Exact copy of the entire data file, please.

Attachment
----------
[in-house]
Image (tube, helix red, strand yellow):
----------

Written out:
[in-house]
Image (tube, helix red, strand yellow):